Kathy Lee, I don't know how old you are, or where you grew up, but I'm 55, and I can tell you without a doubt that in my childhood years, things were WAY different than they are now. Women didn't leave their abusive husbands. Especially women with children. Especially *black* women with 8 children. It just wasn't done. She was probably afraid she wouldn't be able to support them, and 50 years ago, that fear wasn't far fetched. 50 years ago black people didn't have that many opportunities, and black women with children? Almost nil. Maybe he threatened her, told her he'd kill the kids, we don't know. Many people stay in abusive relationships even today, and today there are far more resources to help an abused spouse start a new life than there were 50 years ago. I don't think she led such a charmed life herself.

But I DO think she should have custody of Michael's kids, she is by far a better example of a good parent than that cursing, yelling, threat wielding b*tch I saw on CNN a few days ago saying she wants custody. I wouldn't give her custody of a junkyard dog.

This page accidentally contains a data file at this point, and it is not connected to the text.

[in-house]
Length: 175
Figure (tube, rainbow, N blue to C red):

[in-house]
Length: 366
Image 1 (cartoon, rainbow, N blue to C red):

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Oh, but Julia..while you wax philosophical about the "state of black america" 50 years ago, may I remind you that 50 years ago many, many minority women worked outside of the home (think about Rosa Parks - she wasn't riding the bus just for fun). Julia, please don't play the "race card". Staying and enabling an abuser knows no race, gender or socio-economic boundaries. It happened then and still happens now!

Kathy Lee's point is that since Katharine was powerless do stop the abuse of her own children by her husband (their father) why would she prevent him from abusing this generation of Jackson kids? As for Debbie Rowe, on what program did you hear her say she was going to seek custody of the kids? Yes, I saw her blow up at the media, but I would give her custody of a junkyard dog. Custody of those kids..no, but a junkyard dog yes!! They seem to share the same temperment!

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Minority women worked, yes. Working is a whole different ballgame than leaving a husband with 8 kids in tow and no money. You play your cards, I'll play mine, you can't judge her by today's standards, they didn't exist. And there were DAMN few Rosa Parks, if there had been many, she wouldn't be so famous now, would she?

Why would she stop Joseph now? Maybe because they haven't lived together for over 10 years?

I don't know what show, all I know is it was CNN. She said she *might* seek custody.

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Oh Julia... DAMN few Rosa Parks?? Here is the homework you did not do..